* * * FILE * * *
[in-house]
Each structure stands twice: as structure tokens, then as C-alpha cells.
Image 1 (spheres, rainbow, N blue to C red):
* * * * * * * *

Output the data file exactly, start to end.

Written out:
[in-house]
Each structure stands twice: as structure tokens, then as C-alpha cells.
Image 1 (spheres, rainbow, N blue to C red):